Coachella Valley farmer Sam Cobb.
PHOTO BY BRANDON HARMAN
The Sierra Nevadas have giant sequoias. The High Desert has spindly Joshua trees. Greater Palm Springs, of course, contains miles and miles of swaying palm trees. Immerse in the greenery at these destinations that cultivate, preserve, and educate the public about date palms and other agricultural crops.
WHERE TO: SPEND THE DAY
Shields Date Garden
It’s easy to spend a few hours at Shields Date Garden wandering the palm groves and garden pathways, which wind around a picturesque lake and through a series of curious statues depicting biblical scenes. When hunger strikes, order brunch on the café’s expansive patio. Then, check out a cheeky yet informative documentary called The Romance & Sex Life of the Date that’s been playing on a loop in the theater since 1953. On your way out, stop by the gift shop and take a tub of dates and a treat to go — you can’t visit Shields without ordering the famously decadent date shake.
WHERE TO: MEET A FARMER
Sam Cobb Farms
Desert Hot Springs
“I’ve wanted to be a farmer my whole life. Nothing more, nothing less,” says Sam Cobb, the passionate family man behind Sam Cobb Farms, located in unincorporated Sky Valley, near Desert Hot Springs. With two degrees in agriculture and three decades working for the United States Department of Agriculture under his belt, as Cobb neared “retirement,” he planted 5 acres with date palms, including medjools, barhis, and black gold. (The latter is a unique variety that Cobb developed.) “Our goal is to get our great-tasting dates into the hands of as many people as possible,” he says. Cobb loves to host walking tours for guests that inform on plant science and the life cycle of dates. “People seem to appreciate hearing the story. I mean, really finding out where dates come from, from a person who can explain it.” Seasonally on Saturdays and Sundays, Cobb sets up an outdoor market, where you can purchase his dates; he expects to remain open through mid-April. Tours can be booked through the website.
Sam Cobb owns and operates his namesake farm, working with his wife and nephew.
PHOTO BY BRANDON HARMAN
WHERE TO: GET PRODUCE
Operated by the Augustine Band of Cahuilla Indians, Temalpakh Farm features a market selling fresh-picked vegetables, herbs, and dates, as well as smoothies. “One of my favorites is the Palm Tree Brew, a smoothie made of dates that also has some cold coffee in it,” says Tribal Chairperson Amanda Vance. “We buy our coffee from a tribe out in Yuma. We try and support other tribes when they’re doing food or products that we can put in the store.” After browsing the market, visitors can stroll through the blooming pollination corridor, around a pond, and then hike a short distance up Seven Feathers Mountain for a view of the entire farm. Guided tours are available if booked in advance, and groups of 10 or more can reserve a private dining experience that’s truly farm-to-table — served on the farm, under the stars. Farm boxes are available to order online for pickup at Temalpakh or at Chef Tanya’s Kitchen locations in Palm Desert and Palm Springs.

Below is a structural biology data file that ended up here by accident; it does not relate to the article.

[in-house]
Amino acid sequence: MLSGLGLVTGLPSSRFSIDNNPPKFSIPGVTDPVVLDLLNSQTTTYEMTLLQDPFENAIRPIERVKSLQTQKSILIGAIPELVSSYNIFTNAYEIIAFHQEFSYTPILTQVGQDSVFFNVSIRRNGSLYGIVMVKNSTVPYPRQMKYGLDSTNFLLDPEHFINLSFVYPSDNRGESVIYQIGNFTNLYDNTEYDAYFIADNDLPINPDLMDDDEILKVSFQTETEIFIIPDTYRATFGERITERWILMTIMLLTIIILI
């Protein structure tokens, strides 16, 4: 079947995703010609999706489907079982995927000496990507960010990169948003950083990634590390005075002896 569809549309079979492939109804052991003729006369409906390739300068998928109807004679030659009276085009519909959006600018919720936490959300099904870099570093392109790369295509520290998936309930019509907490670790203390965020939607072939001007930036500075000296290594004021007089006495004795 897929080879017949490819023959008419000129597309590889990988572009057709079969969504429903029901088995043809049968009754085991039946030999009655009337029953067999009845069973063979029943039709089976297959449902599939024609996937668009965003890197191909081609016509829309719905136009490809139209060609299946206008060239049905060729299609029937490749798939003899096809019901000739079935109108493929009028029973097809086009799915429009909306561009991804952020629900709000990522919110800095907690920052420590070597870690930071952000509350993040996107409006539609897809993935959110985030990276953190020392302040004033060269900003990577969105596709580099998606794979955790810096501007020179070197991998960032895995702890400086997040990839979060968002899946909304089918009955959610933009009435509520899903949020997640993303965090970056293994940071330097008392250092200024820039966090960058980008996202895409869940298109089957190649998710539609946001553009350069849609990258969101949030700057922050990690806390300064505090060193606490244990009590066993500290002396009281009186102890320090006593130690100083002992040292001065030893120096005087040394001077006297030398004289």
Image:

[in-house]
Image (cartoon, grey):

WHERE TO: FIND EXOTICS
Oasis Date Gardens
Sprawling across 175 acres in Thermal, Oasis Date Gardens cultivates 20 date varieties that are harvested throughout the year. The on-site Ranch Store vends them all in bulk, including exotic options you’ve likely never heard of, along with snacks and baked goods. (Try the date cake, made with an almost-century-old recipe.) Locals love the date shakes, customizable with a plethora of add-ins, including peanut butter, banana, chocolate, and coffee.
While most date palms were imported to the Coachella Valley, the ancient oases of the Indian Canyons are home to the only species that is native.
PHOTO BY DANIELA STALLINGER
A trail through the Indian Canyons.
PHOTO BY ANTHONY W. PURNEL, COURTESY AGUA CALIENTE BAND OF CAHUILLA INDIANS
WHERE TO: TAKE A HIKE
There are more than 3,000 palm species around the world, but only one — the California fan palm, or Washingtonia filifera — is native to the Coachella Valley. You will discover beautiful oases of ancient fan palms in this preserved area, the ancestral home of the Agua Caliente Band of Cahuilla Indians, located just a few miles from downtown Palm Springs. Various hiking trails wander through the indigenous flora and past rock art, house pits, and other intact artifacts.
WHERE TO: LEARN MORE
If walls could talk, these would sing of the Coachella Valley’s earliest settlers. The historic complex comprises some of the area’s oldest buildings, as well as the California Date History Museum, which chronicles the date palm’s transplantation to and growth within the California desert. An outdoor gallery pays homage to the early pioneers who paved the way for life as we know it today.
- RED NEXT: The sex lives of dates.